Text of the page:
četvrtak, 4. listopada 2012.

Rudi Zygadlo - Tragicomedies

Tragicomedies available on Planet Mu Records

Njemački razlomljena espresso-eklezijastička elektronika za japanske Ruse koji vole klasiku.

Muzičar kojeg nadahnjuju Beckett, Bulgakov i Pynchon.

Streaming ovdje.

Rudi Zygadlo interview: "I just keep weaving." An insight into the memories that shaped the Glaswegian producer’s remarkable new album on Planet Mu, ‘Tragicomedies’.
There’s something about Rudi Zygadlo that feels of another century. While the nomad-evoking scarves he wraps round his head when he plays live have no doubt coloured that perception and that magical name certainly helps, it’s ultimately down to the Glasgow producer’s ornate approach to sonic texture and melodic structure. While on his debut album ‘Great Western Laymen’ [Planet Mu, 2010] he wobbled somewhere between dubstep and erratic electronica, not always successfully but always intriguingly, with his new album ‘Tragicomedies’ he has carved out a world with such maturity and intimacy that it is hard to reconcile the two.
On ‘Tragicomedies’, out on Planet Mu on 24th September his melodies unfurl like leaves reaching towards an ever-shifting light source. Songs reveal themselves in acts, rather than any familiar verse/chorus or even build/climax form. Lead single Melpomene, which was Dummy’s song of the week back in June travels through several such acts, a startling metamorphosis that, to our contemporary ears, has the shock of the new yet also seems to speak to some other less structured time.

Moving to Berlin might be the 21st-century artist’s equivalent of 17th-century pilgrims sailing to the future United States. Not as many hand-wringing colonialist issues to tackle, granted, but at this point it's reasonable to expect to find a bar or club in the German capital where one can have a lucid conversation without command of the native language.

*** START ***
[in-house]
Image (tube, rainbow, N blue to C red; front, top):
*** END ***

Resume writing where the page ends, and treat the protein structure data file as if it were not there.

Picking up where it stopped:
You might even find yourself chatting with Rudi Zygadlo, who grew up in the Scottish town of Dumfries and moved to Glasgow before Planet Mu issued his debut album, Great Western Laymen, in 2010. Pushed, albeit awkwardly, into the pigeonholes of dubstep and "bass music", in truth the producer was too eclectic to fit either tag neatly.
Tragicomedies, his second full-length, sees him moving further away again from club sounds – despite settling in a city with probably the most revered rave culture in the world today – and assuming the role of an experimental pop auteur.
For better or worse, Zygadlo's pretty much incapable of playing straight. Kopernikuss, the album's opening track, is a simple and pretty ballad for keyboard and voice – adorned every so often with disarming pitch shifts and time-stretch FX, just because he can.
Vocals, not previously prioritised in his work, feature on every track, and at various points recall Brian Wilson, Bowie in (as it happens) his mid-70s Berlin period, Animal Collective's Panda Bear and sensitive Auto-Tune abusers of the modern age like Drake and James Blake.
Musically, you're likely to hear the gloss of RnB and revamped 80s funk: Timbaland's classic, sparse productions are present in Zygadlo's DNA, while the title track stakes out unlikely territory between DāM-FunK and Radiohead.